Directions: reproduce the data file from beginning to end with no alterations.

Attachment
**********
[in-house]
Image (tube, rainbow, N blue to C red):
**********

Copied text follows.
[in-house]
Image (tube, rainbow, N blue to C red):